After seven years and counting in music education through Child’s Play India Foundation (www.childsplayindia.org) and also in the wider community, as a friend or relative to peers who are now parents of growing children, I hear this constant refrain: “My child has got exams round the corner, so s/he had better take a break from music lessons for a while”; or “This is an important year for my child, so we’ll take a sabbatical from music for a whole year”; or “Now that my son/daughter is in medicine/law/(fill in the blank), it’s best that we shelve music altogether.”
Parents and children have the best of intentions, of course; there are only so many hours in a day after all, and the competition to get into colleges and higher education gets more and more fierce each year.
But doctors, scientists and researchers are finding increasing benefits to the growing and adult brain development that should make parents really sit up and take notice.
It would be worthwhile examining the mounting evidence. The results of a study conducted at the University of Kansas in 2014 seem to confirm a long-held anecdotal observation that “increased music participation has important direct and indirect effects on positive outcomes in student achievement and engagement.”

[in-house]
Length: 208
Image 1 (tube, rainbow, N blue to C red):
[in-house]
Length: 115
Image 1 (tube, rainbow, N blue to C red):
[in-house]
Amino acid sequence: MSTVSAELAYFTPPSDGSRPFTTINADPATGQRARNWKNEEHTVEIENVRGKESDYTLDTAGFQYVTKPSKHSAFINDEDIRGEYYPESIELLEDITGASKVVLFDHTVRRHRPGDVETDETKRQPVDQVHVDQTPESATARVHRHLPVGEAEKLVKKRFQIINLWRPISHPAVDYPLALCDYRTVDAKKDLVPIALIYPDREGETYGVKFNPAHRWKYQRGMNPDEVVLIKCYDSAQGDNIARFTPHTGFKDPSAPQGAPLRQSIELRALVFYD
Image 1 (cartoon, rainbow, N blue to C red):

After a study period of four years involving over 6000 children, the researchers were convinced that “education advocates should also be advocates for music education.” A detailed description of this study, selection criteria, methods used, data collected, complete with graphs and tables, and analysis of the data, results and conclusions is available online in the public domain for those interested.
It used to be thought that the reason that children exposed to music did better at school was because “the smart kids participate in music.” This study dispels this notion. Analysis of data showed that students (regardless of background) engaged in music education programmes outperformed their peers on every measurable indicator.